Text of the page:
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Re: Hosea & Pesher

Ian Hutchesson wrote:

Dear All,

I was just wondering if all the text of Hosea has been covered by finds
among the documents. If so, what is the distribution of the finds? If not
what exactly has been found? And I hope some kind soul can tell me if there
has been more of the Hosea pesher than what relates to 2:8-12 been found
and, if so, the extent.


Ian Hutchesson
(This follows a posting on ioudaios relating to the possibility that
chapters 5-14 may concern the Oniad problem of the second century.)
Here is my posting to Ioudaios:

     In Ps. 78, I would actually take a bigger chunk to examine than just
9-12. Take a look at 9-20. I think that it is an Oniad addition to the psalm,
attacking the Pharisees. The psalm actually flows better without lines 9-20.
The Pharisees, as I noted in a previous post, may be seen as the "Wicked of
Ephraim" found in the Nahum Pesher. It was this group, who "turned their
backs" (line 9), did not keep God's covenant (line 10- by not defending his
rightful priesthood), refused to walk according to his law (again line 10 and
for the same reason), and before whose "fathers" he worked marvels in Egypt
(perhaps a reference to Leontopolis). Most connected of all, however, is line
19, which I may need to add to my thesis (thanks for pointing this passage
out), which states a question that Ephraim spoke against God (which I take
here to include God's priesthood). They said, "Can God spread a table in the
wilderness?" While this is an obvious reference to food, might not it also be
a statement questioning the validity of a temple in the wilderness, in Egypt?
This is exactly, in my view, what probably split the Pharisees from the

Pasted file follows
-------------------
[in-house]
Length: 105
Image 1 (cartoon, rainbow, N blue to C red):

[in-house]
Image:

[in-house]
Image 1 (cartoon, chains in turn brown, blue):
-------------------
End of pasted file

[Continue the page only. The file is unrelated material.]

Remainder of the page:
Oniads, the issue
of the validity of a temple in Egypt and here is such a statement attributed
to the appropriate party, "Ephraim."
     With regard to Psalm 80, I would bring into question lines 1-2 and
These also seem like possible Oniad additions to a text which would work
perfectly well without them. The terms Ephraim, Benjamin, and Manasseh are
easily explained. Ephraim is the elect, the priesthood. Benjamin is
representing the Kingdom, David. Manasseh represents the non-elect. Thus,
these three terms encompass the priesthood, nobility, and the massess. Lines
14-18 make sense in connection with the fall of the Oniads if one assumes
that the "vine" in question is the High Priesthood. Though while the argument
in relation to lines 1-2 is reasonably clear, I myself think that the
argument relating to lines 14-18 is questionable. I only state it as a
     As for Hosea, I think that Ian picked out some of the crucial
statements. Hosea 11 is even clearer. I think that it is possible, not that a
few lines here and there are Oniad additions to Hosea, but that from 5:1 to
the end is an Oniad addition. The use of Ephraim in relation to Egypt and to
Assyria is much more logical in the post Oniad collapse circa 159 BCE than at
any time before. Moreover, the address "Here this O priests...For the
judgement pertains to you," may be seen as commentary and not prophecy.
Furthermore, it is only beginning in chapter 5 that Ephraim is mentioned and
Ephraim remains important through the rest of the text. You will note that
the Hebrew of Hosea 12:1 is suprisingly close in comparison with a number of
references to the "wicked of Ephraim" in the DSS. They tell lies.
     I don't yet know what to make of the lines in Zechariah, concerning

Just a few thoughts,
-David Jay Kaufman